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New Mormon Church Essay Disputes Caricatures, Affirms Doctrine

New Mormon Church Essay Disputes Caricatures, Affirms Doctrine

by Kevin James Bywater

Mormon TempleOXFORD, U.K. – Recently it was reported that some very strange teachings were wrongly ascribed to Mormons. On February 27, 2014, Brady McCombs (Associated Press Supervisory Correspondent for Utah) published a piece entitled, “MORMON CHURCH PUSHES BACK ON PLANET MISCONCEPTIONS.” The alleged misconceptions centered around the teaching of The Church of Jesus Christ of Latter-day Saints (LDS Church, Mormon Church) that  Mormons would be exalted, become gods, and rule over planets.

McCombs reported that the Mormon Church “pushes back” in a new essay at one of the church’s official websites, LDS.org: “Becoming Like God.” The essay notes that the “Latter-day Saints’ doctrine of exaltation is often…reduced in media to a cartoonish image of people receiving their own planets.” It observed that “few Latter-day Saints would identify with caricatures of having their own planet.” 

The essay asserts that Mormons conceive of “the seeds of godhood in the joy of bearing and nurturing children and the intense love they feel for those children,” as well as in terms of compassion, the beauty of creation, and in faithfulness to commitments. “Church members imagine exaltation less through images of what they will get,” the essay continues, “and more through relationships they have now and how those relationships might be purified and elevated.” (See the screenshot near the end of this post.)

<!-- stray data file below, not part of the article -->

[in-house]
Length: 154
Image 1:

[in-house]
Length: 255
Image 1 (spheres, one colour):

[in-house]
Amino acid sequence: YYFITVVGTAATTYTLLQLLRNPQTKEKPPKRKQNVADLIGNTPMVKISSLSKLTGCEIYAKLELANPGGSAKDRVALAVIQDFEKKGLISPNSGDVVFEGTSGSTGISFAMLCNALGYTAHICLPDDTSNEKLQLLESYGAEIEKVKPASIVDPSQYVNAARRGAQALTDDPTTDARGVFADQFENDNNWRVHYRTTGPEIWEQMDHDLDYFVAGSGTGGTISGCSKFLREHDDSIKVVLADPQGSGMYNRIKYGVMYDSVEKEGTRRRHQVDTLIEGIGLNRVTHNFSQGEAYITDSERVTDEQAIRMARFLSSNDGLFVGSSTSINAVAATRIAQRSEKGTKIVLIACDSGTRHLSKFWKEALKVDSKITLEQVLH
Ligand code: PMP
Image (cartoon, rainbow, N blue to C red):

Ruth, Part 3: The Blessing of a Moabitess

Ruth, Part 3: The Blessing of a Moabitess

We already have witnessed the significance of Ruth being a Moabite who expresses allegiance to the God of Israel, an adoption of God’s people, and a love for her mother-in-law, Naomi. But there is much more to notice.

Moab is mentioned in six verses of  the book of Ruth (Ruth 1:1, 2, 6, 22; 2:6; 4:3), Naomi’s sons are said to have married “Moabite women,” and Ruth is called “Ruth the Moabite” four times (Ruth 2:2, 21; 4:5, 10). That Ruth is so identified is no minor matter. There is a long history of conflict between Moab and Israel. Moab has a terrible reputation in the Bible.